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Let’s say you’re always on the lookout to put your money to work for you. Maybe keeping an eye out for opportunities comes naturally to you, and recently, you’ve been thinking about finding and buying distressed mobile home parks for sale.

Dilapidated, boarded up mobile home with foreboding graffiti

Whether you’re a current mobile home park owner or not, you’re thinking this may be a good financial investment for you. You do want to head into it with both eyes open though. So you’re wondering whether it’s a good idea and how to go about it.

Defining distressed mobile home parks for sale

When you hear the word “distressed,” what comes to mind? It’s quite possible that your first thought has nothing to do with mobile home parks. Perhaps you get a picture in your mind’s eye of someone upset or crying. Obviously, mobile homes can’t cry. (Though perhaps with some imagination we could say that old homes with stains trailing from the outside of windows or roofs look like they’ve been crying.)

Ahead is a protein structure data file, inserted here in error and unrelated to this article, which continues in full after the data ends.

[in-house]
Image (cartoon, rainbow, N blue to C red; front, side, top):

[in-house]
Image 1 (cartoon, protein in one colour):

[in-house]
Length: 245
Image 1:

So, as a potential buyer, ask yourself what you mean by “distressed.” Maybe you’re hoping for a “fixer upper” park because you’re a proficient handyman. Thus, you plan not to spend too much paying for someone else to do necessary work or repairs. You aim to tackle it yourself to turn things around.

On the other hand, you may not be looking for a visibly dilapidated park. Instead, you’re thinking of a situation where the current owner wants to get it off their hands quickly (preferably at a great price for you). Take a moment to identify what it is you’re looking for. Perhaps you could even write down a working definition of “distressed mobile home park” as you conceive of it.

Why is it distressed?